Tuesday, July 5, 2016

A Message From Assateague Island National Seashore

If you’ve been to the seashore in MD lately, it likely that you drove by a few patches of common milkweed on your way in. (We have a HUGE patch growing on the east end of the visitor center parking lot!) Common milkweed is a native plant that is found throughout the US east of the Rocky Mountains. Insects such as bees, wasps, flies, skippers, butterflies and moths visit these beautiful blooms to gather nectar and pollen; however, the plant’s most famous visitor is not interested in the flowers at all.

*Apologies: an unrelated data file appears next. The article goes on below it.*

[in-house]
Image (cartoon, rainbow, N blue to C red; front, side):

Over the course of two to five weeks, a monarch butterfly will lay an average of about 700 eggs on the leaves and stem of the milkweed. But why lay eggs on milkweed? Why not pick another host plant? Milkweed leaves which contain a white sap that is loaded with naturally occurring steroids called cardenolides or cardiac glycosides; these chemicals interfere with the heart’s ability to properly function. Even though there is evidence to suggest that the caterpillars themselves may be affected by the toxins they consume as they eat the leaves, as they do so, they become toxic to potential predators.

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